As for Aragorn… Jackson’s Aragorn carries that ancestral guilt complex around with him. He’s a reluctant hero unwilling to claim his destiny. Bakshi’s Aragorn is tougher, savvier, and more self-confident. When he tells Frodo that he could take the Ring any time he wants, one can definitely believe him. Mind you, one would have to be self-confident, running around without any trousers…
A third character handled quite differently (and not necessarily for the worse) in Bakshi is Gimli. Jackson’s Gimli is, well, comic relief, bordering on Yosemite Sam. Sometimes it works, sometimes it’s overkill, but it’s a conscious artistic decision that becomes more apparent the more Merry and Pippin (the initial comic relief) mature as characters. Bakshi’s Gimli is less hot-blooded, much quieter and more dignified, and only played for laughs once (the canonical moan that he can’t run all the way to Isengard). The downside is that this Gimli doesn’t stand out as much as Jackson’s – he’s really a sort of good-guy in the background. As is Legolas, for that matter.
Thus far, I’ve been quite positive about the Bakshi film, probably more positive than it deserves. And, to be fair, it is something of a Curate’s Egg – notwithstanding the general failure, parts of it are pretty good, or at least interesting. Is there anything else that comes to mind as a positive? Well, yes. The background animation is very pretty, whatever you want to say about the mixed success with the rotoscoped characters.
And that’s really it. Because there is really not much else nice to say about the 1978 adaptation. Many of the other online critiques of the film have referred to its problem of being Tolkien’s Greatest Hits – a jamming together of cool scenes and lines from the book, with little thought given to the coherency of the result. And, yes, that is an extremely valid criticism, one that is arguably a result of trying to make a film too Purist. Since you’re cutting, rather than changing, you’re also cutting the stuff that makes the scenes comprehensible.
While re-watching it yesterday, I kept wondering whether someone who had not read the book would have been able to understand Bakshi’s film at all. The answer is that someone unversed in Tolkien probably would have been confused as hell. Say what you like about Peter Jackson, but at least his version stands on its own, in broadly accessible fashion. There are plenty of people who have seen Jackson’s trilogy without even having read a word of Tolkien. Bakshi’s handling of Aragorn’s broken sword, among other things, testifies to a film that relies on its audience’s book-knowledge to fill in the gaps. And that’s just bad.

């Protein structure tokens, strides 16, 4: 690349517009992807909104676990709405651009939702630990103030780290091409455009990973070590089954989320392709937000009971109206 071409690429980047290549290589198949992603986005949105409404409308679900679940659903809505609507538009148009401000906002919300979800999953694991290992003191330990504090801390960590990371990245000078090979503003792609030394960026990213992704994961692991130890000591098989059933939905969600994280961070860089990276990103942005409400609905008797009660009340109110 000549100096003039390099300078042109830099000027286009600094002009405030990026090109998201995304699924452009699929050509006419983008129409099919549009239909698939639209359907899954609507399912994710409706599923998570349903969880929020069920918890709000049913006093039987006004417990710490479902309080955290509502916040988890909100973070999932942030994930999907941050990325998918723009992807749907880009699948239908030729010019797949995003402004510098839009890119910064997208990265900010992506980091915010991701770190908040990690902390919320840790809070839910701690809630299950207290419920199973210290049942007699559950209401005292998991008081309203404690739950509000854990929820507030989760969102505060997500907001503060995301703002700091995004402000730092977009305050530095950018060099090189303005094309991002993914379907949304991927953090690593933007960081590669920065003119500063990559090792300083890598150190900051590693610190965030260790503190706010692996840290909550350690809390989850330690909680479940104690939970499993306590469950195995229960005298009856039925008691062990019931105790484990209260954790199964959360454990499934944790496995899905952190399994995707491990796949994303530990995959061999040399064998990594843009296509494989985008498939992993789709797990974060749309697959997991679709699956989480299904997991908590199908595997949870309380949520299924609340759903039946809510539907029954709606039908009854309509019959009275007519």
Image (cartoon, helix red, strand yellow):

The worst aspect of the Bakshi film for me – even worse than the despicable treatment of Sam (who comes across as a particularly slow-witted Orc-Hobbit hybrid) – is Gandalf. Jackson’s Gandalf, masterfully played by Sir Ian McKellen, is one of the highlights of the story. He’s such a cool, lovable old guy, at turns mysterious, wise, caring, and snarky. Bakshi’s Gandalf, loaded with exposition, is just obnoxious, to a degree where his fatal fight with the fluffy-slippered Balrog of Moria is a cause for mockery, rather than despair.
Bakshi’s Gandalf has no humour to him. As the Tolkien Sarcasm Page correctly notes, he’s a ponderous Prophet of Doom, and little else. When he yells at Aragorn about taking the way into Moria, my own sympathies were solidly with Aragorn. Not merely because I knew what was to happen (of course I did), but because Bakshi’s Aragorn is easily more likeable as a character. Worse, since the other characters in Bakshi’s film regard Gandalf with the same reverence you see in Tolkien’s original (or in Jackson), you get this weird discrepancy between what me-as-the-audience feels, and what you are seeing on screen. I don’t care about this Gandalf… but they do? That’s bad storytelling.
As for the other characters, I have already mentioned Sam. Played for comic relief here, the result is embarrassing, and enough to anger anyone who likes Tolkien’s original Sam. Merry and Pippin – in marked contrast to Jackson’s films – have vanishingly little characterisation at all. They’re there, basically because Tolkien’s story requires them to be there, but that’s it. Legolas is forgettable, Boromir’s OK – leaving aside the horned helmet, Bakshi makes a decent stab at him. Bakshi’s Boromir is not a patch on Jackson’s version though, which is a testament to the excellent performance of Sean Bean.
Then there are other minor bits and pieces, enough to cause small-scale irritation, without actually destroying the film in their own right. Bakshi’s Celeborn gets mispronounced as Sell-a-born, rather than as Kell-a-born. The temptation of Galadriel lacks the power Jackson gives it. Considering I once thought Galadriel in a microwave to be highly cringe-worthy, that says something about the weakness of Bakshi’s film. And there is a weird moment during the Battle at Helm’s Deep, where the Orkish armies close in on our heroes… amid uplifting music. Audio signals matter – are we supposed to be cheering for the Orcs at that point?
So… The Lord of the Rings, as imagined by Ralph Bakshi some forty-two years ago. It lacks both the effectiveness of Peter Jackson’s 2001-2003 effort, and the sheer bizarre nature of the aforementioned Soviet and Finnish versions. Contrary to conventional wisdom, it’s not actually So Bad It’s Good, but rather a cautionary tale about the art of adaptation, with the odd little redeeming feature (in terms of both character and theme) buried in there. I’d say it’s less interesting as a movie in its own right, even to laugh at, and more something worth checking out if you are interested in what Jackson’s trilogy could have been. For good or ill.